Thursday, August 16, 2007
Run Time: 93 minutes
Director: Bob Spiers
Cast: THE SPICE GIRLS, Alan Cumming, Meatloaf, Richard E. Grant, Roger Moore, Elton John, Elvis Costello, Bob Geldof, Bob Hoskins
Right off the bat I want to say that I was not a fan of the Spice Girls at the height of their success. I probably rocked out to them when nobody was looking on more than one occasion, but I never bought any of their records, or displayed any public admiration. I was too hung up on a certain grunge band from Seattle to let myself do so. Still, having been a twelve year old girl at the time that "Wannabe" shot to the top of the charts makes me feel an obligatory nostalgia for those 5 english lasses. Also, a little bit of age and perspective has made me into a lover of bubble gum pop.
Instead of trying to find Spice Girls reunion tour tickets on eBay, I decided to give this movie a second look. When I first saw it, my feelings about it mirrored the way I felt about its stars. Well, it seems like a lot of things have changed since 1998. No, the Spice Girls aren't great actresses, but the aggressive frenetic nature of the film makes up for it. Although most compare it to A Hard Day's Night, it has most in common with Head, the Monkeys movie that Jack Nicholson directed. Like that movie, it is a intoxicating cocktail of bubble gum and post-modernism. Its heroines, who are spokeswomen for the feminism-lite known as Girl Power, each cling to hilariously 2 dimensional female personalities. Just in case you don't know, we have the sporty tomboy, the cutesy babyish one, the posh fashionista, the freaky (or scary), ethnic one, and... um... Ginger Spice! A lot of the movie focuses on these identities, and how absurd they are. In one rather sophisticated sequence, the girls do a photo shoot in which they "trade" these identities, each dressing as a different Spice. They also put on other popular identities, both male and female, such as Diana Ross, Twiggy, and both Danny and Sandy from Grease.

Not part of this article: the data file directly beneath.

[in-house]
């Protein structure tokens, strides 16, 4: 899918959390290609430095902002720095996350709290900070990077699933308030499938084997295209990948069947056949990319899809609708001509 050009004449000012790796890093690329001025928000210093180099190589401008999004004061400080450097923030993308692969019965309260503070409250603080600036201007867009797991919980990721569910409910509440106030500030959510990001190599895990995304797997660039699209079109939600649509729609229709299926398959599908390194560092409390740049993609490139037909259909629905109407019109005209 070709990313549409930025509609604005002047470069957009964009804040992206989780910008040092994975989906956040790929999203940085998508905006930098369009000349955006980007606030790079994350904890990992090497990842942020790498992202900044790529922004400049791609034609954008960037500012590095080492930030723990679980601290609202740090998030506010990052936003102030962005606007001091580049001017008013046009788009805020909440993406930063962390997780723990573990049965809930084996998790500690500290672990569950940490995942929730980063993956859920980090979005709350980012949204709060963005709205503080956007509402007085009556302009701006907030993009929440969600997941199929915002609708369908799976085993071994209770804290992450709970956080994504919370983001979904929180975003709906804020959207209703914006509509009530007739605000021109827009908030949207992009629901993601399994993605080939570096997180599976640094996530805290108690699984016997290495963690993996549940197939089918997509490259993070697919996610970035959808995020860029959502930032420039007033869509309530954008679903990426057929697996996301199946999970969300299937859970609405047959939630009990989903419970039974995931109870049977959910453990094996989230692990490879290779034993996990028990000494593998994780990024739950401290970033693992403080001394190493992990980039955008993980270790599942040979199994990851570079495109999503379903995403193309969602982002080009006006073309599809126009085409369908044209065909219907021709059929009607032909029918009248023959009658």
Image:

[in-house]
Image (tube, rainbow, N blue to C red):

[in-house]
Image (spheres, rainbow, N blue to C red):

Whether it means to be or not, this is a really interesting scene. If anyone ever wanted to teach Judith Butler to tweens, this sequence might be a good one to show them. In the most simple way, The Spice Girls are saying that their identities are nothing but spectacle.
About 70% of British celebrities make a cameo in this film. The most notable are Bob Hoskins (who has no lines and comes out of a phone booth for one scene), and Roger Moore, who plays the record executive/ wealthy benefactor of the girls. He is constantly petting cute animals, the pinnacle of this being a piglet that he bottle feeds. He keeps a straight face as he does this, and hardly ever looks at the animal.
The movie takes a lot of ridiculous twists and turns, including a run in with some aliens who want Spice Girls tickets, a nervous and sweaty tabloid publisher who uses a creepy bald paparazzo to get dirt on the girls, a haunted mansion, a child birth scene, and the famous bomb on the bus. I'd dare you not to have a good time while watching all of this unfold.
There is so much more I could say about this movie. It is really very ahead of its time. If you dismissed it like I did back in '98, I'd endorse giving it another look, even if all you get from it is a reminder that Victoria Beckham once looked like a normal person. From my point of view, Spice World is an avant-garde masterpiece in disguise.